One day in her home town my grandmother Esther
Saw the ghost of the Emperor. This surprised her;
Franz Joseph was alive and even if he wasn’t,
Why would he be selling used clothes in Lemberg?
Still, she had no doubt. This was the face she’d seen
On stamps and coins, in schools and post offices.
She had always a soft spot for the Emperor;
And many decades later, in far-off Brooklyn,
Deemed herself still a reasonably loyal subject.
Her husband could, if he wanted – and he did –
Vote for Roosevelt but she, having grown up
With a monarch, considered a president
To be something inconsiderable. Franz Joseph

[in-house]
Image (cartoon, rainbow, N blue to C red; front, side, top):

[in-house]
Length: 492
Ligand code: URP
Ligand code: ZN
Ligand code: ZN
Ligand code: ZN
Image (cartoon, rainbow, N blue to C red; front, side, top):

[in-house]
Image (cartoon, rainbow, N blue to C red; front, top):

Did not roam about asking people to elect him.
Esther was 15 that day in the market with no intent
Of ever leaving Lemberg. Sometimes in her dreams
She flew, but when she looked down, saw the Poltowa,
Its bridges filled with statues which craned their necks
To see her flying by, waving at them.
(Her ninth child, my father, also flew in his sleep
But I don’t know if he ever saw the Poltowa.)
Brave, she walked up to the Emperor
Who was extolling a pair of almost new pants
To a skeptical buyer, stretching the cloth
In his semitransparent hands. He gave her a smile
Behind his enormous mustache. How we have dwindled!
I cannot talk to dogs; I cannot fly in dreams
The closest I’ve been to an emperor is not very close
Though Dwight Eisenhower walked into my mother,
Knocking her down, three months before I was born.